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Going on a mezcal tour in Oaxaca was one of the most fascinating experiences we had during our stay.
Considered the “national spirit of Mexico”, mezcal has deep roots in Oaxaca, where it plays a vital role in daily life.
Mezcal is traditionally made in small batches by families who have been making mezcal for generations.
In Oaxaca, you can sample the smoky spirit at several mezcalerias around town.
While you can savor this beverage anywhere, going on a mezcal tour in Oaxaca is not to be missed.
A drink with deep cultural significance, locals appreciate “mezcal for the bad times, mezcal for the good times (“para todo mal, mezcal, y para todo bien también.”).
Join us on a fascinating Oaxaca mezcal tour at award-winning Geü Beez artisanal mezcal distillery.
What is Mezcal?
Mezcal, a beverage with distinct smoky flavors is a distilled spirit made from the agave plant, also known as maguey.
While agave or maguey plants can be found in many parts of Mexico, 80% of mezcal comes from Oaxaca. This is in part due to the favorable climatic conditions for growing agave.
The word mezcal comes from the indigenous Nahuatl language, which means “cooked agave.”
Mezcal in Oaxaca is typically made by small producers in distilleries known as palenques.
Before visiting Mexico, we were not very familiar with mezcal. And, what surprised us the most was the variety of flavors based on the many agave species available.
Mezcal, we learned, can be made from more than 40 agave varieties. While its cousin, Tequila, can only be made from one type of agave, the blue agave.
Of the many varieties, mezcal espadín is the most popular. Espadín grows easily and is the most commonly used agave for mezcal production.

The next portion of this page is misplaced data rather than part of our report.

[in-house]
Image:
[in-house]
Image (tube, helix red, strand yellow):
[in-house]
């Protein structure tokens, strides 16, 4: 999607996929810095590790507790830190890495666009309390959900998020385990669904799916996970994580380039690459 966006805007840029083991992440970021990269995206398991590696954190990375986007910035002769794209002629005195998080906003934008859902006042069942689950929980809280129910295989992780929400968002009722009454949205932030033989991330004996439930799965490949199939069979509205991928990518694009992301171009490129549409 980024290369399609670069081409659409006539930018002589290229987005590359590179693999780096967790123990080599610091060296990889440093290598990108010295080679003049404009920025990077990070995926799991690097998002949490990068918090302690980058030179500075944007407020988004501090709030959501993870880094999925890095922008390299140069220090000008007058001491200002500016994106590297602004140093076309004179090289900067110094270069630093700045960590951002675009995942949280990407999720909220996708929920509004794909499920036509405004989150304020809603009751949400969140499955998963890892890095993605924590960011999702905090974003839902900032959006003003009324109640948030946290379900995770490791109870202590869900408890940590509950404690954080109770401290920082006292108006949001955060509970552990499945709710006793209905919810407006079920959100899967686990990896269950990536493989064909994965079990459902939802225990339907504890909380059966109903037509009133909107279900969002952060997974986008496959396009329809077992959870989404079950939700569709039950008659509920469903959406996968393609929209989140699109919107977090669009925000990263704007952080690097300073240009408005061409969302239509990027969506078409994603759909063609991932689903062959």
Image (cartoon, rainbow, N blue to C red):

Mezcal is also made from wild agave plants like Silvestre that require a lot of effort to harvest.
Other prized wild agave varieties like Tobalá, Jabali, or Tepeztate, bring out their singular complex flavors.
One variety we discovered on our Oaxaca mezcal tour at Geü Beez was Barril. This bushy, tall, and wild agave produces a mezcal with delightful citrus and floral notes.
AUTHENTIC FOOD QUEST TIP: To visit several mezcal distilleries with an in-depth understanding of mezcal, we recommend Mezcal Educational Tours. In partnership with Alvin, a certified Master Mezcalier, this tour takes you to artisanal and ancestral producers with many mezcal tastings along the way.
The Different Types of Mezcal Distillery
As we explored mezcal in Oaxaca, we learned about the three main types of mezcal distillation processes.
Traditionally, the production of mezcal is a family affair and a laborious hands on process.
Of the three mezcal distillery processes, the traditional operations are the most celebrated.
The first is the artisanal process which is the process used by Mezcal Geü Beez. In this case, the mezcal is distilled in copper alembics and a horse used to crush the maguey before fermentation.
The ancestral mezcal distillery method follows a similar process, without the use of horse and the agave is distilled in clay alembics.
The third mezcal distillery process is looked down upon by purists. This is the industrial process where mezcal is made using mechanized technology in large production volumes.
How to Take a Mezcal Tour in Oaxaca
Oaxaca, with over 120 varieties of agave plants, is a privileged region for the production of mezcal.
Located an hour east of Oaxaca city, Santiago de Matatlán is known as the “World Capital of Mezcal.”
This small town has the largest concentration of mezcal producers. And, it is often the departure point for mezcal distillery or palenque tours.
Important Considerations When Choosing an Oaxaca Mezcal Tour
To make the most of your Oaxaca mezcal tour and distillery visits, here are a few recommendations.
Agave plants take a long time to grow. It can take a minimum of seven years to grow the maguey plant for mezcal production. Some varieties can even take up to 25 years to mature.
With mezcal’s popularity and growing consumption, its sustainability is a growing concern.
With that, we recommend visits to small mezcal palenques. Choose a tour that prioritizes small producers over the industrial mezcal makers.
You’ll easily find advertised tours to small producers in Santiago de Matatlan. To get to Santiago de Matatlan, you can also take local buses (collectivo), hire a private taxi or rent a car from Oaxaca.